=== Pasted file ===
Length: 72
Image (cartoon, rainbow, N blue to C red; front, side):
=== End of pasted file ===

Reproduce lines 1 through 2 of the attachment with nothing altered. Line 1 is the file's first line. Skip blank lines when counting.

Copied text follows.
Length: 72
Image (cartoon, rainbow, N blue to C red; front, side):